January 25, 2003

Chile flagEarly to rise at 6 am. Today was the stop at Isla Magdalena, where the penguins nest. We donned our yellow suits and life jackets for the last time; by now we knew the correct order for putting on the various bits of clothing. The seas were reasonably calm and the sun was shining. What a nice way to end our cruise!

Isla Magdalena is a national monument that protects many thousand pairs of nesting Magellanic Penguins. And when we arrived there, there they were and we were walking through them. Some were standing on the beach, some were wandering aimlessly, and others were digging out their nesting holes or putting bits of grass or kelp into them. And a few were fighting. Many of them had chicks that were out of the nest. The chicks were about two weeks old but already were almost as large as their parents. They still had some downy feathers on them, but by the middle of February most of the down would be gone.

It was fun to watch the penguins. They were very interested in us as we followed the trail to the lighthouse. When a penguin crossed the trail in front of us it would look at us carefully, first with one eye and then with the other. Also on the island were quite a few Kelp Gulls with downy young, but surprisingly only a couple of skuas. Our time on the island passed quickly but it sure was fun to see the penguins up close.

Back on board we had breakfast, then went to our cabin to pack. We were instructed to have our bags outside our cabin by 10:15, which we did, then we went up to the Yamana Lounge for the last time.

It turned out that the port was already full of ships, including a large cruise ship, so our ship had to dock at the container port way out of town. It took quite a while for any taxis to show up, but we managed to get one of the first ones to arrive. Punta Arenas doesn’t have a central bus terminal, so bus companies are scattered all over the place. We directed the taxi to a company that we knew went to Puerto Natales, Buses Fernandez, but found it was full up until the 5 pm departure. But they directed us to another company, Bus Sur, which was close by.

Paul walked over there and purchased two tickets for their 1 pm departure, and then we made the Bus Sur waiting room our centre of operations. Rosemary sat there with the bags while Paul went around town running errands. First stop was the Lan Chile office, to reconfirm our flights. (As we had found out on the cruise, it is a legal requirement in Chile that you must reconfirm your flights.) Second stop was to buy some buns and juice for lunch.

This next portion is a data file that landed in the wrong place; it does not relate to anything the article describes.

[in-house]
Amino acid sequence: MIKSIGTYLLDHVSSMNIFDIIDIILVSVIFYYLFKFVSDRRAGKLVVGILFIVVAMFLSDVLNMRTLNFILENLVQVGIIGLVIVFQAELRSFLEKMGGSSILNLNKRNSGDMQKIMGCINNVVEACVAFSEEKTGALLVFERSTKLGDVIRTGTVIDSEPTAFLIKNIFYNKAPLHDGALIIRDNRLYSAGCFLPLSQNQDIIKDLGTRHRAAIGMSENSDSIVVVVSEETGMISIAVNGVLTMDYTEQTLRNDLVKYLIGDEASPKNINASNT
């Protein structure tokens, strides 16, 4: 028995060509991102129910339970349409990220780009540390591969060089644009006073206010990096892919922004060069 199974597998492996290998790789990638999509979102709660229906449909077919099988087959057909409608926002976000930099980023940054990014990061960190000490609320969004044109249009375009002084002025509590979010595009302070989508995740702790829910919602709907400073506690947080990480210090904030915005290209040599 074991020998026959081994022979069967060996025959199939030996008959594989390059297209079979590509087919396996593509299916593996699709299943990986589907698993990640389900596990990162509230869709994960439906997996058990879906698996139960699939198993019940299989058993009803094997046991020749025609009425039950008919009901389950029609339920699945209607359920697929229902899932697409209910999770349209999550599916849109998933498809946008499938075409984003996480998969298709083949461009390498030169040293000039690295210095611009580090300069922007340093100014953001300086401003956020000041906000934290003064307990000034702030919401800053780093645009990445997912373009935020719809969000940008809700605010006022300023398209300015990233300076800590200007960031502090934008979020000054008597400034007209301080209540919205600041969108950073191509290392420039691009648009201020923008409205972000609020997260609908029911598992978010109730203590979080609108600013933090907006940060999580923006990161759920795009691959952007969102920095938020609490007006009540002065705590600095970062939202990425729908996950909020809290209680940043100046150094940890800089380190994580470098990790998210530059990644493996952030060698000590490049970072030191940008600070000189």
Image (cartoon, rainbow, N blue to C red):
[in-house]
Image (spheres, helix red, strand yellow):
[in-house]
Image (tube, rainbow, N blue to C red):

We must have got the last two available seats, because we found ourselves at the very back of the bus, next to the toilet. The scenery outside of Punta Arenas was very flat and dry looking. We saw several herds of guanacos and also numerous rheas in the scrubby fields beside the road. But after about an hour and a half we could see spiky mountains, perhaps the Paine massif, off in the north. After three and a half hours we arrived in Puerto Natales. We were certainly glad to get off the bus and stretch our cramped legs. But we were scarcely off the bus before we were swarmed by women wanting us to stay at their hostels. We stalled them while our bags were being unloaded from the bus, and then we were lucky enough to see a woman with a Casa Cecilia brochure. We had seen recommendations for that place, so we enquired about a room. She had one available, so we loaded our bags into her car and went off.

Casa Cecilia is quite nice with several rooms off a central covered courtyard. We settled in, then walked the two blocks over to the town centre to buy our groceries and white gas for the stove. We also went to an Internet place to catch up with our e-mail. Back at the hostel we made dinner, spaghetti and sauce, and then went to organize our packs. We met an English couple who had just completed the Torres del Paine circuit and, since they appeared to be about our age, we pumped them for information. They said the trail conditions were good, except for a muddy part near Campamento Los Perros.

After hearing all the details we revised our plan and made a budget for the Paine trip. This budget meant we needed more cash, so we made a quick trip to the bank machine. The evening was quite mild, a pleasant change. Tomorrow we would have to be up early as we have tickets booked for the 7 am bus.

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